Northeast Theater Continued (Part Four)

Carleton Martello Tower
454 Whipple Street
Saint John, New Brunswick E2M 2R3
(506) 529-4270 (June to August)
(506) 529-4011 (September to May)

At Saint John, New Brunswick, the British built a Martello tower to help defend this strategic port city. The tower stood on a hill where it commanded a 360-degree view of the harbor, town, and surrounding countryside. The war was already over by the time the tower was completed, but as things turned out, it was never needed. New Brunswick was in a relatively quiet sector, and the Americans never threatened the town. A familiar and much-loved Saint John landmark, the Carleton Martello Tower has been designated a national historic site. The tower is located just south of Highway 1 in West Saint John. Open to the public during warm-weather months, it offers a grand view of the city and the Bay of Fundy.

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Halifax Citadel National Historic Site
1960 Brunswick Street
Halifax, Nova Scotia B3J 2G7
(902) 426-5080

Most of the defensive structures that stood here during the War of 1812 have been substantially altered and look nothing like they did then. Fort George, known today as the Halifax Citadel, was greatly expanded during the 1860s and its walls given the star-shaped battlements typical of nineteenth-century forts. Located within easy walking distance of the Halifax waterfront, the fort is now part of the Halifax Citadel National Historic Site. During warm-weather months, uniformed re-enactors give visitors a sense of what life was like for soldiers stationed here in earlier times. Other important fortifications can be seen on St. George’s Island, a sizeable glacial drumlin located out in the harbor. The historical structures on the island are maintained by Parks Canada. They can be seen from shore, but are not currently open to the public.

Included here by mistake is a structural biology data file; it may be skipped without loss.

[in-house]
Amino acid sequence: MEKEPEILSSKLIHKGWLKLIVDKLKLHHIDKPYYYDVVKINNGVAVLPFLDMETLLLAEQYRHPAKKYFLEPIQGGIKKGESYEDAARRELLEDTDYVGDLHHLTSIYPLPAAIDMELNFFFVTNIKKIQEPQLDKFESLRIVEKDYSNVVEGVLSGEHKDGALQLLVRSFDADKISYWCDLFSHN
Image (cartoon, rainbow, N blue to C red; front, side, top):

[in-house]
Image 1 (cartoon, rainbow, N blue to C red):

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Prince of Wales Martello Tower
5718 Point Pleasant Drive
Halifax, Nova Scotia B3K 5M7
(902) 426-5080

The oldest surviving Martello Tower in North America once guarded Halifax from Point Pleasant. Placed to protect the system of batteries that were the heart of the Halifax defense, the 26-foot high tower had as many as eight 24-pound guns and a few smaller ones. However, no shots were ever fired from the tower in the city’s defense. The park is at 5718 Point Pleasant Drive and is reachable by way of the 9 Barrington and 9 Mumford bus routes.

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York Redoubt National Historic Site
5 York Redoubt Crescent
Fergusons Cove, Nova Scotia B3K 5M7
(902) 426-5080

Located several miles south of Halifax, the York Redoubt National Historic Site preserves a key gun emplacement intended to defend Halifax against attack from the sea. Built in the 1790s, the fort never fired its guns in anger. Only a small section of the original fort remains. Maintained by Parks Canada, it is located off Purcell’s Cove Road.

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